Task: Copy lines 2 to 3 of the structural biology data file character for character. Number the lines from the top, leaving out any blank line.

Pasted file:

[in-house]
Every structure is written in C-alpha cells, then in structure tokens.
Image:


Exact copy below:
Every structure is written in C-alpha cells, then in structure tokens.
Image: